Lawrence Solomon: Environmentalists for a foreign agenda

(December 12, 2013) Canadians have no clue when the exhortations coming from Sierra Club, Greenpeace or the David Suzuki Foundation are financed by U.S. interests.

By Lawrence Solomon for the National Post, published on December 12, 2013

Without some $100-million that U.S. foundations have spent swaying us to their point of view, tar sands development and the shipment of tar sands oil would be far less contentious a public issue. Credit: The Canadian Press/Jonathan Hayward.

Without some $100-million that U.S. foundations have spent swaying us to their point of view, tar sands development and the shipment of tar sands oil would be far less contentious a public issue. Credit: The Canadian Press/Jonathan Hayward.

We don’t allow foreigners to vote in our political campaigns for the obvious reason that our political leaders should court, and be accountable to, Canadians alone. We don’t allow foreigners to donate to political parties for a similar reason – we don’t want our politics to be unduly influenced by a foreign agenda. But we do allow foreigners to pursue their agenda in another way – by funding willing Canadian NGOs to make their case for them. Is this funding desirable in a free and democratic nation and if not, are there any remedies?

These questions have become acute due to the investigative work of Vivian Krause, an independent researcher whose articles on this page have in voluminous detail exposed the extent to which U.S. foundations fund activities in Canada, most notably to influence Canadians and Canadian policy over our tar sands, the chief target of global warming activists.  Without some $100-million that U.S. foundations have spent swaying us to their point of view, tar sands development and the shipment of tar sands oil would be far less contentious a public issue.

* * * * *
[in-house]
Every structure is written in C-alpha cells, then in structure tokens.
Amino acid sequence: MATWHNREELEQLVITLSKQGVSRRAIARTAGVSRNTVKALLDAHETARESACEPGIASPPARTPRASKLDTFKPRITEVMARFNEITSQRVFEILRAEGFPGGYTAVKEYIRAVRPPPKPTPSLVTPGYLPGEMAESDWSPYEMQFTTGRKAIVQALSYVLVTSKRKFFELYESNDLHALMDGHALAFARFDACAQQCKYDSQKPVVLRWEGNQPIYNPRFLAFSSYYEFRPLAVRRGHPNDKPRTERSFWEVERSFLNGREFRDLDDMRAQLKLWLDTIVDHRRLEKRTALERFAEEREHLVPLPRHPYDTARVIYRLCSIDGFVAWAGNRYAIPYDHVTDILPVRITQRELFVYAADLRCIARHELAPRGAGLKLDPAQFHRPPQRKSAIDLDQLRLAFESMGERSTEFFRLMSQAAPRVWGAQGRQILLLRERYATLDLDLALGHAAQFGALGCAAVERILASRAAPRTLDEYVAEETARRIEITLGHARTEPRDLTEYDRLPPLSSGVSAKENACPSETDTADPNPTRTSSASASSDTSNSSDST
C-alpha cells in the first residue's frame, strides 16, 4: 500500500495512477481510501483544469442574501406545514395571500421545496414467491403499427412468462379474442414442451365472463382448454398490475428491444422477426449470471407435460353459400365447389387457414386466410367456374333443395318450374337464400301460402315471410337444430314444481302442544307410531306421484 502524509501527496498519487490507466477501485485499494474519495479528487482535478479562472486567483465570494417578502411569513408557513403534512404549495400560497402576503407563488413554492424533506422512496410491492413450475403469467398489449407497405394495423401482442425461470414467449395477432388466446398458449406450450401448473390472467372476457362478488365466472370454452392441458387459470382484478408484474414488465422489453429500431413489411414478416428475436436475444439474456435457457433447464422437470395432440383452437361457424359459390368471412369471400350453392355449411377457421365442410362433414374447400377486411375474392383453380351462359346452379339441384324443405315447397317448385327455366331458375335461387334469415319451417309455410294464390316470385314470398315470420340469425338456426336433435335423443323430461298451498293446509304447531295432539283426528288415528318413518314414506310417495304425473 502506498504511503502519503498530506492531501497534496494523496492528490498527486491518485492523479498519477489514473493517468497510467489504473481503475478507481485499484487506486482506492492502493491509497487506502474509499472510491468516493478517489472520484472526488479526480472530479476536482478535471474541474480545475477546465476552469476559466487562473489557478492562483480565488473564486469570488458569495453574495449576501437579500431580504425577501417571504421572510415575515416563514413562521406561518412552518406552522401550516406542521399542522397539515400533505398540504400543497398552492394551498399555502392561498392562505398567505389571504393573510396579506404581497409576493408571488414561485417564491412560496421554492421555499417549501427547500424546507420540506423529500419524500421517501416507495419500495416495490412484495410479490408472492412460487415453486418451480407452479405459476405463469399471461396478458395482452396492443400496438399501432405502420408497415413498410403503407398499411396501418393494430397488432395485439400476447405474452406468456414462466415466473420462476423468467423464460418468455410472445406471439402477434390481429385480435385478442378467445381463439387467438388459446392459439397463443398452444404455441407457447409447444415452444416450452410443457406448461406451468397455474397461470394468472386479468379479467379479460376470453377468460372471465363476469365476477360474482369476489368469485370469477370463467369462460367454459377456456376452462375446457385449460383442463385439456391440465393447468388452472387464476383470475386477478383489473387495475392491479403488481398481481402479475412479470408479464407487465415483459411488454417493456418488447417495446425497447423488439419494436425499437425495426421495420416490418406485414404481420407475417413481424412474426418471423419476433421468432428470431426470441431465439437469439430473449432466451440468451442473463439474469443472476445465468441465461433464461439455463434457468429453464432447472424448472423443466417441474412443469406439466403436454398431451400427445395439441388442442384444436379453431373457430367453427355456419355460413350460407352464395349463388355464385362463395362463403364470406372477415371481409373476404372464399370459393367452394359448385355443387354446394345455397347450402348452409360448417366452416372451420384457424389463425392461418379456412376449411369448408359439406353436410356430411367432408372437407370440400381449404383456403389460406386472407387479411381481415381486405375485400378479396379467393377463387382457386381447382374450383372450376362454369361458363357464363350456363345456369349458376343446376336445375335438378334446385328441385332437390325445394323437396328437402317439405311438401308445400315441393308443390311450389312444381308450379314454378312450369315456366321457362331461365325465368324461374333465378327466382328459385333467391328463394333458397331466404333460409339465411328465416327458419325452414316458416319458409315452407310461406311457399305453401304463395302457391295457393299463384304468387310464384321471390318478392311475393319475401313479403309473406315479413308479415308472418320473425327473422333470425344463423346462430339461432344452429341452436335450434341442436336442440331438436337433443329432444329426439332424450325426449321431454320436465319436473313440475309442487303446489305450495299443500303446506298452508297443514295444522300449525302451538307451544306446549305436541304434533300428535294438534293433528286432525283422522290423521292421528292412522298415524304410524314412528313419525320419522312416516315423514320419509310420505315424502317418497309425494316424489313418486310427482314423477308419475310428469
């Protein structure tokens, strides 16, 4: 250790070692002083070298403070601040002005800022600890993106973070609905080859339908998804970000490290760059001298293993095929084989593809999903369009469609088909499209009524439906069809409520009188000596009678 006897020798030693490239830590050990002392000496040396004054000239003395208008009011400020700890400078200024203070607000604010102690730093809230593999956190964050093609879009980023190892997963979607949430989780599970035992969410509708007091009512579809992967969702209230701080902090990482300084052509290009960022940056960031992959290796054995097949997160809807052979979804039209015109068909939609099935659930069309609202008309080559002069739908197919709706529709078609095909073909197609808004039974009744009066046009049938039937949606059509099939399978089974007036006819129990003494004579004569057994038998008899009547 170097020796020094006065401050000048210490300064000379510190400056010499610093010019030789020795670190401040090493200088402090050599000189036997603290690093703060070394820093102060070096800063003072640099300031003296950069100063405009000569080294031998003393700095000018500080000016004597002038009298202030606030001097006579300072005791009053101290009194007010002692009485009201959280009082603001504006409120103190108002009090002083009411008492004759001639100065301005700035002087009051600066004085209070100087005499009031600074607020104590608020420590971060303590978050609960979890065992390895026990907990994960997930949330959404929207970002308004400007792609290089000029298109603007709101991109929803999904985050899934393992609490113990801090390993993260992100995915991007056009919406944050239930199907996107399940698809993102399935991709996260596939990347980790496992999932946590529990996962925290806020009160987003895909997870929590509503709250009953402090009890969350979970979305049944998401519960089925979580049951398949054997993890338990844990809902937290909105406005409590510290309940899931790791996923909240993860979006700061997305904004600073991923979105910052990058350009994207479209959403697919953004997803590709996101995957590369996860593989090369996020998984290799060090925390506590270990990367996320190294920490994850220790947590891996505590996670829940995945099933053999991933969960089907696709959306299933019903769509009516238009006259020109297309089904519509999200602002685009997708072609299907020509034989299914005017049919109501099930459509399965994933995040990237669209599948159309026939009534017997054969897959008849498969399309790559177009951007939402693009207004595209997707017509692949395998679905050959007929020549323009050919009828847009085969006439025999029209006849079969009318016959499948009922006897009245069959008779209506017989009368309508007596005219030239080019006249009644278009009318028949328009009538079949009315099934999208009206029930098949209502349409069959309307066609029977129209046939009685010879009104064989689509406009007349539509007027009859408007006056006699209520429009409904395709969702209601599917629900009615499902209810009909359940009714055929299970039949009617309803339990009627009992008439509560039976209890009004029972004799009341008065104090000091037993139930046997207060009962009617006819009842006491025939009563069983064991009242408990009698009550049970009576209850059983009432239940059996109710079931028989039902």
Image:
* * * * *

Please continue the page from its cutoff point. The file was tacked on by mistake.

Imagine Canada, a group that represents Canadian charities, argues that there’s nothing untoward about foreigners influencing our policies. “Issues such as energy, forest and ocean conservation, and climate change are global in nature and attract international philanthropy,” it states. “The support that flows into Canada is a testament to the perceived value and uniqueness of Canada’s ecosystems to the global community.” Moreover, Imagine Canada adds, allowing foreigners to donate to Canadian causes is a two-way street since “Canadians are allowed to donate to causes they support in other countries.”